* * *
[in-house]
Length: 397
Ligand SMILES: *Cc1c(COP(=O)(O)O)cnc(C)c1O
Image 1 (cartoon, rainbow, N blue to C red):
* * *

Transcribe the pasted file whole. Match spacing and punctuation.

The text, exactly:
[in-house]
Length: 397
Ligand SMILES: *Cc1c(COP(=O)(O)O)cnc(C)c1O
Image 1 (cartoon, rainbow, N blue to C red):